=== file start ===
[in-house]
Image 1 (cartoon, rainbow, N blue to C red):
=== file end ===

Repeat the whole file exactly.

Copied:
[in-house]
Image 1 (cartoon, rainbow, N blue to C red):